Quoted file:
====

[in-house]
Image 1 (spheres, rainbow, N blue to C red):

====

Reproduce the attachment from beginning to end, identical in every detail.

[in-house]
Image 1 (spheres, rainbow, N blue to C red):